We all know Netflix has some amazing television shows and hundreds of movies for your every mood, however what about the documentaries? I am guilty of skipping the documentary section on a regular basis and opting for a more lighthearted movie. I've picked a few of my favourites that I have seen so far and a little bonus at the end which is neither on Netflix or a documentary! You may notice a little theme within the documentaries I've chosen as they mostly involve crime.

Aileen: The Life and Death of a Serial Killer

'Nick Broomfield's second documentary on Aileen Carol Wuornos, a highway prostitute who was executed in 2002 for killing six men in the state of Florida. This second installment includes the filmmaker's testimony at Wournous's trial' IMBD

Aileen Wuornos was an American serial killer who killed seven men between 1989 and 1990 and is widely considered to be America's first female serial killer. The Life and Death of a Serial Killer is the follow up documentary to Alieen Wuornos: The Selling of a Serial Killer (1992). With her execution not far away Nick Broomfield returns to Florida. Throughout her time in custody and in prison she has always claimed that the murders were in self defense. Whilst on death row her sanity was questioned and Broomfield was able to film several interviews which revealed her state of mind. In October 2002 her life was ended by lethal injection.  I spent a part of criminology degree studying women, the media and crime and read about Aileen. I found this documentary fascinating especially her interviews with Broomfield, her sanity and conflicting information about the murders.


'A documentary following the controversial captivity of killer whales, and its dangers for both humans and whales.' IMBD

I'm sure many of you have either heard of or seen this documentary by now. It's mainly about the killer whale Tilikum who has been responsible for three deaths. It involves shocking footage and interviews with those closest to the individuals. The footage is haunting and I sometimes had to watch through my fingers, but it's real. Before seeing this documentary I never thought about the killer whales captivity in the sea park industry and this has definitely been an eye opener.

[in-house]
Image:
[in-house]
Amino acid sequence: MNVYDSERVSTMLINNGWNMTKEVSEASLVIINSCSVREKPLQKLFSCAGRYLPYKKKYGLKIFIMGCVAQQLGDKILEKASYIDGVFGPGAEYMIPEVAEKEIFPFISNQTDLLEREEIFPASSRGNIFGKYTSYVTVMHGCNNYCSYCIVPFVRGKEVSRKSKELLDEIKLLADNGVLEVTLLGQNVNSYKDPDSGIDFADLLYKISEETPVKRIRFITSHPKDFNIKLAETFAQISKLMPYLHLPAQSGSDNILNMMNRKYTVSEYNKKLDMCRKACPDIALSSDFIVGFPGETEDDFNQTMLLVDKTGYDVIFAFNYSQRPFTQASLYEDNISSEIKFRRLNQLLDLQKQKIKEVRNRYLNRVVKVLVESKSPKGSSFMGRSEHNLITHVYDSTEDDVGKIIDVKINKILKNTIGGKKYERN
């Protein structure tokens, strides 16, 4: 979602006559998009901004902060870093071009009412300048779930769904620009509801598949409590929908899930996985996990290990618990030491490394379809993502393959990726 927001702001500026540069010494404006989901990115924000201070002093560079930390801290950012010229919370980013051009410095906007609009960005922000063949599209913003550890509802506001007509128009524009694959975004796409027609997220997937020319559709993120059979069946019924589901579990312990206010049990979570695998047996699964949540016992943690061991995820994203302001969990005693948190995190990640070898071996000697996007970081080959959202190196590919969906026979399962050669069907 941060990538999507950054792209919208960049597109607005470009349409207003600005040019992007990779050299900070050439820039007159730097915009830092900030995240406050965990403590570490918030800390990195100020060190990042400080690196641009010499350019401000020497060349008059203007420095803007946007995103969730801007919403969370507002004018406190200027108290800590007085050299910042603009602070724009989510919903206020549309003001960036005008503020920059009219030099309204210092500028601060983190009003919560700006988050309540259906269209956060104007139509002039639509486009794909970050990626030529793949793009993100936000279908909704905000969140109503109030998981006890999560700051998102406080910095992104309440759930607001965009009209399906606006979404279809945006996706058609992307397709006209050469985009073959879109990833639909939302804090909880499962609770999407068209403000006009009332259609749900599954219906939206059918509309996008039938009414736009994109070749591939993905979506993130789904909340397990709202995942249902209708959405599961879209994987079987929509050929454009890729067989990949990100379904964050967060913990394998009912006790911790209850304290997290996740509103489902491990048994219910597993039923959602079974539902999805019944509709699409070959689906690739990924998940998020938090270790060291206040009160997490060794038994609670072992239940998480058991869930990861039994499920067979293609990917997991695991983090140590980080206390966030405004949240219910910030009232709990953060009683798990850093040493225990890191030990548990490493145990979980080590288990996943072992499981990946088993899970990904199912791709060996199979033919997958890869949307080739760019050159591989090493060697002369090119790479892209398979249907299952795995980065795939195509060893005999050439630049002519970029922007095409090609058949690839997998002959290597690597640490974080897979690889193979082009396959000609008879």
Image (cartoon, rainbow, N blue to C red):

Dreams of a Life

'A filmmaker sets out to discover the life of Joyce Vincent, who died in her bedsit in North London in 2003. Her body wasn't discovered for three years, and newspaper reports offered few details of her life - not even a photograph.' IMBD

It's around three years since I've seen this documentary, but it's definitely one that I remember well. Joyce Vincent was found surrounded by unopened Christmas presents and with the television still on. This documentary attempts to create a picture of who this woman was through various interviews with friends and acquaintances and the events leading up to her death. She was portrayed to having a quite an active social life, which makes you question how this woman was left undiscovered for three years in her flat? This documentary is truly heartbreaking. Just watch the trailer, you'll have so many questions. 

Bonus: Serial Podcast

'On January 13, 1999, a girl named Hae Min Lee, a senior at Woodlawn High School in Baltimore County, Maryland, disappeared. A month later, her body turned up in a city park. She'd been strangled. Her 17-year-old ex-boyfriend, Adnan Syed, was arrested for the crime, and within a year, he was convicted and sentenced to spend the rest of his life in prison. The case against him was largely based on the story of one witness, Adnan’s friend Jay, who testified that he helped Adnan bury Hae's body. But Adnan has always maintained he had nothing to do with Hae’s death. Some people believe he’s telling the truth. Many others don’t.' Source.

Here's the bonus option for you that neither is on Netflix nor a documentary, but after listening to a few episodes I absolutely gripped. Each episode focus on a different section of the story and case, from the defense attorney to the questionable way the body was found. Sarah Koenig produces them brilliantly and makes you question everything. 

What are you favourite documentaries? Recommend me some. Have you seen any of these?
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This is a slightly different post that I would normally do, do you enjoy this sort of post? Thank you.